Back in October, on Global Mental Health Awareness Day, Shane Carthy spoke at the Zeminar event in Dublin about his ‘crippling and at times terrifying’ battle with depression.
Despite only recently turning 25, it was a polished performance from the former Dublin footballer — he hates the ‘former’ bit and is determined to return that to ‘current’ — though, in truth, it would want to have been considering it was his 90th talk of 2019.
Failing to make Jim Gavin’s panel, having been part of it at some stage in each of the seasons from 2013 to 2018, allowed the Portmarnock man the time and freedom to bring his personal story to a wider audience. He’s writing a book too and reckons he’ll be wrapped up with that in ‘two or three months’.
Whilst acknowledging that depression isn’t ever overcome, but managed, Carthy’s tale, and tome, does have a happy ending.
Not that he could have imagined such a thing when, clouded in a deep fog, he messaged his sister from the team bus on the way to the Leinster U21 final in 2014 and told her he was in no state to play.
“I can’t go through with this,” popped up on her phone.
“We’re all behind you. The family is right behind you. We’ll be at the match and we want to see you out on that pitch,” she typed back.
Carthy played and, relishing the 60 or so minutes of freedom from his dark thoughts, scored 0-3 from midfield and was man of the match.
A couple of weeks later, after a training camp in the run up to the All-Ireland semi-finals, he suffered a panic attack, blacked out and woke up in St Pat’s Mental Health Hospital.
He stayed there for 11 weeks, arming himself with the tools and resources to help him cope with life and the ‘thoughts of dying by suicide’.
At one stage, the idea of sharing those thoughts with even a family member, let alone a crowd of strangers, 90 times, filled him with dread.
“Absolutely, if you had told me that, back when I found out what was going on with me in 2014, when I went into St Pat’s, it would have been the last thing I’d have thought I’d be doing, speaking in front of, you know, my biggest crowd this year was 1,200 people at one stage.
“I was telling people all about my personal difficulties that I couldn’t even tell my Mam or Dad, or my best friend, or even my dog! Now I’m telling 1,200 people. It went full circle, you could say.”
Carthy’s reasoning for doing the talks was simple; he spent two years dealing silently with the effects of depression before opening up and doesn’t want anyone else to make the same mistake.
“I wouldn’t wish that on my worst enemy,” he admitted.
Carthy’s circle has rounded to such a degree that Dessie Farrell, the U21 manager in 2014 who helped him in so many ways during that difficult period, is now the Dublin senior manager.
There’ll be no favours, of course, but Farrell at least realises Carthy’s potential and the player himself is intent on finally living up to it by making his mark as a county senior in 2020.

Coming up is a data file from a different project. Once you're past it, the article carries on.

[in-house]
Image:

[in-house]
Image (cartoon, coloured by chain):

His club form with Naomh Mearnog has been solid and he’s pushed himself hard privately to be in good physical shape if the call comes.
“I know myself what areas I need to improve on,” said Carthy, who made his National League debut against Cork in 2013 while studying for his Leaving. “I’ve tried to work away on those things this year. Hopefully, it has been noticed.”
Carthy is conducting this interview at Dublin City University having been awarded a scholarship by the DCU Business School in conjunction with the Gaelic Players Association.
If he does break back into the Dublin panel he will be a busy man, juggling club, college along with county commitments, and you gently suggest that this could make life hectic for him again.
“Funnily enough, I’ve actually thought about that in terms of this year (2019),” said Carthy.
It was hugely disappointing that I wasn’t involved with Dublin for the league and Championship. And back in 2013, I don’t think I would have had the tools and resources to deal with that, that adversity of not being involved.
“But because of the resilience that I’ve built up over the last couple of years through the help of so many people, I was able to deal with it in a positive manner. For me, it would be great if I could come back in January a much stronger and more resilient person and, as I said, I’ve got the tools and resources to be able to deal with what comes from there.
“It would be a balancing act but I know no different... you know, where my anxiety comes from is when I’m not busy, when I’m not doing something.
“The beauty of it is that there is obviously going to be natural stresses within that, and when I’m under pressure for a book deadline or the academic side of it or sporting commitments, whatever it may be, I’m a lot better able to manage my stress levels and to notice when I do feel stressed and when I do need to take a step back and look after myself and recharge and go again.”
By going public with his story, Carthy inevitably prompted other players who had been suffering in silence to reach out.
“I’ve had many reach outs to me, but that’s only those who have actually reached out, I do believe there are many more out there, not only in footballing terms but in general life, as there always is,” he said.
“From my background of football, it’s such a masculine game, you don’t show any kind of weakness. And that was a huge thing for me, I couldn’t even think about, you know, 30 lads in a dressing room and if I told some of them I wasn’t feeling great I’d think I’d get ridiculed or slagged.
“That environment, from my perspective now, has changed but I’m not too sure it has in every dressing room around the country.”